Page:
Stephen Hawking, CERN scientists get $3M physics prizes
The Fundamental Physics Prize, nearly 3 times as lucrative as the Nobel Prize, was founded last year and is the world's richest science award.
Wed, Dec 12, 2012 at 07:00 AM
Hawking is being honored for his work on black holes and his "deep contributions to quantum gravity and quantum aspects of the early universe." (Photo: Science Museum, London)
The foundation of a Russian billionaire announced Tuesday (Dec. 11) that it would hand out two $3-million physics prizes — one to legendary cosmologist Stephen Hawking and the other to group of CERN scientists who spearheaded this year's discovery of a Higgs-like particle at the world's largest atom smasher, the Large Hadron Collider (LHC), in Geneva.
The Fundamental Physics Prize, nearly three times as lucrative as the Nobel Prize, was founded last year by physicist-turned-entrepreneur Yuri Milner and stands as world's richest science award.
Hawking is being honored for his work on black holes and his "deep contributions to quantum gravity and quantum aspects of the early universe," according to a statement. In particular, he was cited for theorizing what is now called "Hawking radiation," a faint glimmer of radiation emanating from black holes.
The prolific physicist said he was "delighted and honoured" to receive the prize, in an email to the Guardian.
"No one undertakes research in physics with the intention of winning a prize. It is the joy of discovering something no one knew before," Hawking wrote. "Nevertheless prizes like these play an important role in giving public recognition for achievement in physics. They increase the stature of physics and interest in it." [Stephen Hawking Biography]
Hawking added that he will use the money to help his daughter with her autistic son and "maybe buy a holiday home, not that I take many holidays because I enjoy my work in theoretical physics."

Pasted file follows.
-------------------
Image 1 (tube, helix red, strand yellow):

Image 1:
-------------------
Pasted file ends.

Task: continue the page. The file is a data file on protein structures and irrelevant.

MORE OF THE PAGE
The other award is set to go to LHC particle physicists, who announced they'd finally found what looks to be the Higgs boson after decades of searches have turned up nothing. Scientists first predicted the existence of the Higgs boson, nicknamed the "God particle" by some in the popular media, in the 1960s to explain why other particles have mass.
That multimillion-dollar prize will be split between seven scientists involved in the discovery, including: Peter Jenni and Fabiola Gianotti of the LHC's ATLAS particle-detection experiment; Michel Della Negra, Tejinder Singh Virdee, Guido Tonelli and Joe Incandela of the CMS experiment; and LHC project leader Lyn Evans.
"Choosing this year's recipients from such a large pool of spectacular nominations was a very difficult task," Nima Arkani-Hamed, a theoretical physicist who was on the prize's selection committee, said in a statement. "The selected physicists have done transformative work spanning a wide range of areas in fundamental physics."
The award ceremony will take place on March 20, 2013, at the European Organization for Nuclear Research (CERN), which is home of the LHC.
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